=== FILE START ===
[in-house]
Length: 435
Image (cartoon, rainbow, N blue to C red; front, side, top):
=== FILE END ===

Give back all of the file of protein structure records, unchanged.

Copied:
[in-house]
Length: 435
Image (cartoon, rainbow, N blue to C red; front, side, top):